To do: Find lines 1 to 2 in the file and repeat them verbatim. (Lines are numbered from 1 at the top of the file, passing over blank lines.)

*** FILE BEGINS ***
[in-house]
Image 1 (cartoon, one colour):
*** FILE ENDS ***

[in-house]
Image 1 (cartoon, one colour):